8,000 citizens stuck in Sion transit homes for three decades
35 years after they were asked to move into tiny transit homes in Sion's Prateeksha Nagar, over 8,000 men, women and children continue to remain there, with MHADA failing to relocate them
Aaba Keluskar is 65. The Maharashtra Housing and Area Development Authority (MHADA) forced his family to shift to a transit home in Prateeksha Nagar back in 1979. He was 30 then and was told that in a few years, he and his family would be back in Mazgaon where their original house was being repaired. Chitralekha Bagkar was 17 when she came to the same transit camp in 1976. Sindhu More and Laxman Shinde moved here in 1979. Today over three decades later, 8000-odd residents of these transit homes in Sion’s Prateeksha Nagar are still waiting for their promised land.
Laxman Shinde came to the transit home at Prateeksha Nagar with his brother and wife in 1979. He lived at Kalabadevi but moved here after his building collapsed. Shinde says he has forgotten what his home looked like. Pics/Sameer Markande
According to a local leader and former member of MHADA’s Mumbai board, Allwyn Dias, who also resides in Prateeksha Nagar, the situation is terrible here as many residents are suffering from depression, having almost given up hope of getting their homes back again.
What is a transit camp?
There are more than 17,000 buildings in Mumbai’s island city, which are cessed. This means, a certain amount of tax is paid by the residents of these buildings to MHADA for the upkeep of the building. These are old and dilapidated structures and so, whenever any of these buildings are declared dangerous, the residents are moved out and given transit accommodation. The transit accommodations are officially short-term accommodation so that residents of these buildings have a decent roof over their head till their old buildings are repaired or rebuilt. However, in several cases in the past two decades, the buildings haven’t been reconstructed. In some cases, the land has been sold to third parties. In effect, the evicted residents become permanently in transit.
Aaba Keluskar and his family were forced by the MHADA to move to the transit camp in 1979 after their Mazgaon building was declared dilapidated
Living in hope
Take the case of Chitralekha Bagkar. The 54-year-old resides on the first floor of building T-19 in Prateeksha Nagar. Before she moved to the transit camp in 1976, her residence was at Gunpowder Road in Dockyard. She stayed there with her grandmother and moved to the transit camp after her building at Dockyard was declared dilapidated. It is in this transit camp that she got married and now lives with her three kids. Her eldest daughter is in her 30s now. “I am not sure if we will ever return to my original home. My grandmother, my parents all died here and now even I am getting old,” said Bagkar.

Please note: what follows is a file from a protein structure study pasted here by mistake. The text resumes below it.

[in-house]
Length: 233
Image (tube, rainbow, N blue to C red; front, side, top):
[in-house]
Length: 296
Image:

Chitralekha Bagkar (left) was 17 years old when she moved to the transit camp from Dockyard Road. Today, her eldest daughter is in her 30s, and she does not think she will ever return home
Aaba Keluskar, 65 moved to T-1 in 1979, from his home in Mazgaon after his building was declared dilapidated. He now resides here with his wife and children. “If we knew MHADA wouldn’t be able to give us our home back, we would not have come to the transit camp. Now we are stuck here,” said Keluskar. His son, Dattaram has never seen the family home.
Sindhu More, 54, moved to T-38 in 1978, from her home in Khetwadi, when she was a teenager. “MHADA has put me in a fix. I am turning old and I don’t know whether I will be able to see my home in my lifetime. I fear my kids will fight over my property. I don’t want that to happen,”said More.
Others like Laxman Shinde have similar stories to tell. Shinde came here along with his brother and wife in 1979. He use to reside at Kalbadevi earlier but moved to the transit camp after his building collapsed while it was being repaired. He says he has forgotten what his home looked like. “I think I will get my home one day. I have kids who are married and even they have kids. But I have hope,” said Shinde.
‘Give us ownership’
The residents now hope at least these transit camp homes are transferred to their names, so that they can leave it for their children. “If the government redevelops the transit buildings and gives us larger homes than the present one, we would rather stay on. We have spent all our lives here and our kids have grown up here, too, ” said one of the residents.
According to MHADA estimates, there are over 21,000 transit camps in Mumbai and close to 7700 are illegally occupied. Clearly the housing authority is sleeping on the job. It took Canadian Jean Beliveau 11 years to walk all the way across the world. Beliveau would have traversed the earth three times in 35 years. And MHADA would still be figuring out a way to transfer these 8000 men and women back to their original homes. In Hindi, Prateeksha means ‘wait’. The irony of the term is not lost on the residents.